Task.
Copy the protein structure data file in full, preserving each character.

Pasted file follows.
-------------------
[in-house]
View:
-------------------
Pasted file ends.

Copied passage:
[in-house]
View: